Ron (the mean-voiced doubter who sits in the back of my head and whispers nasties in my ear) hisses, Silly little fool. Silly little Nobody Callender thinks she can write a book that will get noticed! Why would yours sell when no one’s buying the already-written ones?
Most days I can remember to tell Ron to go suck lemons, but he is right about one thing: there are millions of books out there, many great ones we will never read, many others we will never even notice. But I can’t stop writing any more than I can stop breathing or blinking or eating Seattle Chocolates’ Coconut Macaroon Truffle Bars. So I figure we should discuss how, in an age where many (myself included) have the attention span of a goldfish, we can write attractive stories that hold readers’ attention.
Of course, definitions of What is Attractive vary wildly. You think Bill Clinton or FDR is attractive; I prefer Abe Lincoln. But what attractive people do to us, I think, is pretty consistent from person to person. Same goes for fiction. What makes a story attractive is far less about what the story is, and much more about what it does to readers.
So what does attractive fiction do? I’ve thunk up three essentials.
Attractive fiction evokes. Sure, sadness and joy, but the more nuanced emotions too: concern, pity, frustration, loneliness, compassion, hope, resignation. We read because it feels good to feel.
Gone Girl had me feeling anger and disgust for the bad guy. Oh! And then for the other bad guy. The Snow Child tapped into the longing and the hope I felt before I became a parent. Reading The Orchardist, I felt frustration and loneliness as the characters failed to communicate that which most needed to be shared.
The most attractive fiction causes us (and allows us) to feel both pleasing and uncomfortable emotions. We humans love to feel stuff . . . unless the stuff we’re feeling is ennui and lethargy. We don’t enjoy feeling like a bored, over-baked potato when we’re reading a story.
Attractive fiction connects. We long to be known. We long to be accepted even and especially after we are known. In reading fiction, we hope to discover that our human experience, our interests, fears and passions aren’t freaky-freakshow, that we’re not alone in our weirdness.
Liesel, the young burglar in The Book Thief, will risk her safety to read. She needs to read. Really? I’m not the only one? Sunny, in Shine Shine Shine, gets sick and tired of masking her and her family’s imperfections. Gosh, yes, I have felt that weariness. Bob, in The Burgess Boys, worries over his neighbor, a woman he hardly knows. I’m like that . . . I thought I was the only one!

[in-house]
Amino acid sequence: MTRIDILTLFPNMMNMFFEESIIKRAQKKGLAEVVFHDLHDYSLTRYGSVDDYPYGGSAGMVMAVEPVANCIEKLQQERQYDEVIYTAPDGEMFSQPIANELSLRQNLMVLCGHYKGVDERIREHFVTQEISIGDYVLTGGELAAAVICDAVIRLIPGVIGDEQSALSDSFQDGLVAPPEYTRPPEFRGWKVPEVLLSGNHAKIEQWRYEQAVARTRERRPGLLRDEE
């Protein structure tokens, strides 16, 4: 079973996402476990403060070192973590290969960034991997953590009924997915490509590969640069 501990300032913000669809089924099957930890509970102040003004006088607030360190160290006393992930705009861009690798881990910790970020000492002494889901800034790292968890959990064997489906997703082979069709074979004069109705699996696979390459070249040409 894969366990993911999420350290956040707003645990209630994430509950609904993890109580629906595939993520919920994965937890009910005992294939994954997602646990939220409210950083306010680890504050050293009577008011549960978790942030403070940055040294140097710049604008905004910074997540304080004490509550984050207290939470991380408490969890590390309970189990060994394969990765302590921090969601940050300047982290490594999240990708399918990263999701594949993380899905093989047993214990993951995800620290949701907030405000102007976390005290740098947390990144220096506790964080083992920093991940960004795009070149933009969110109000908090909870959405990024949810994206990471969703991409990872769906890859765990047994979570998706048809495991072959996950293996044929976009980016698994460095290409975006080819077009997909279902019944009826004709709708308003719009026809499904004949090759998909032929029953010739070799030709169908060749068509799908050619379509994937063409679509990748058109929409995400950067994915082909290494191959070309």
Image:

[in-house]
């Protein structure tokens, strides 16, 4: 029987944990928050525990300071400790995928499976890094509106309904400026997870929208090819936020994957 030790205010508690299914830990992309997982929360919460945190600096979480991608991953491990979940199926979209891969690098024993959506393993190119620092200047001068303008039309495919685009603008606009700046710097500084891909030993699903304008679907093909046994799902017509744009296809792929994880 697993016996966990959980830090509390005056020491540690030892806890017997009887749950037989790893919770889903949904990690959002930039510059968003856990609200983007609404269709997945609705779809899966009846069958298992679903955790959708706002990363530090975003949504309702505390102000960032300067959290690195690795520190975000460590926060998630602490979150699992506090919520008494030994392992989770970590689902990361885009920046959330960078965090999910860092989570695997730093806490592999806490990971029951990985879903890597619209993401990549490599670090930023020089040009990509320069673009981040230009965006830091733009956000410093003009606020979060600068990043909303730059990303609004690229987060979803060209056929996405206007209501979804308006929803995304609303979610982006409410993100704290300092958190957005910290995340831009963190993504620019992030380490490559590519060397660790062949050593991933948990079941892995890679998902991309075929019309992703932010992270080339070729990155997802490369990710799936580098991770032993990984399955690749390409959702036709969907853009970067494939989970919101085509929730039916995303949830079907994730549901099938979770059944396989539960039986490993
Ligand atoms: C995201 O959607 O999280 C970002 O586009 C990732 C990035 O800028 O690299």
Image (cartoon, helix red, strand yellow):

Stories become attractive when they reveal quirky, layered, fallible characters. Why? Because we–all of us–are quirky, layered and fallible, and hanging out with characters who illuminate and mirror truths about our selves helps us feel less alone.
Attractive fiction surprises. You know how Cindy Crawford has a mole on her upper lip? A big, brown mole from which whiskers likely sprout? That mole, because it resides on the face of a supermodel, is a surprise. The surprise of that mole gives her a unique, fresh feel that only adds to her beauty.
Or take Lady Gaga. She’s attractive (i.e. interesting and intriguing) partly because she may appear clad in balloons or beef. We never know. Our brains think, Que interesante! But what’s even more interesante about Lady Gaga is the contrast between her bold fashion and the delicacy of her emotions. Her authenticity. Her sensitivity. Her exterior is bold, flamboyant and confident; that exterior belies the beauty of her very human frailty. I love the surprise of that contrast.
Of course, surprises can be too extreme. The other day, while I was walking to my daughter’s school, a crow attacked my head. Just rammed right into the back of my noggin and nearly scared the poop out of me. That was a bad surprise. That surprise made me grab my daughter at school, hurry back home via a different street, and take a 4:00 p.m. shower.
Attractive fiction gives us pleasant surprises, subtle surprises, surprises that do not make us need a shower. It takes a seasoned writer to create a story with just the right amount of surprise and freshness. In A Visit from the Goon Squad, Jennifer Egan surprises us with unique story structures and points of view. And PowerPoint. While some readers likely found those surprises irritating, many others (including Pulitzer Prize judges) embraced the novel’s freshness. In this Washington Post article, Ron Charles writes:
If Jennifer Egan is our reward for living through the self-conscious gimmicks and ironic claptrap of postmodernism, then it was all worthwhile. Her new novel, “A Visit From the Goon Squad,” is a medley of voices — in first, second and third person — scrambled through time and across the globe with a 70-page PowerPoint presentation reproduced toward the end.
I know that sounds like the headache-inducing, aren’t-I-brilliant tedium that sends readers running to nonfiction, but Egan uses all these stylistic and formal shenanigans to produce a deeply humane story about growing up and growing old in a culture corroded by technology and marketing.
We want a story told in a unique way, made vibrant by characters who are as real as the people in our real lives. Just how vibrant, just how experimental, is up to you, dear artist . . . I suggest something slightly less surprising than a crow attack.
What have I missed? What makes you pay attention to a book for more than eight seconds? What does a good story do to you? Do you have a crush on Abe Lincoln, too? Please share your ideas of universally attractive elements of fiction (or hot presidents). And for goodness sake, if you see a crow, do NOT make eye contact. I’m pretty sure my “friendly hello” and good eye contact precipitated the attack.
Photo courtesy of Flickr’s John ‘K.’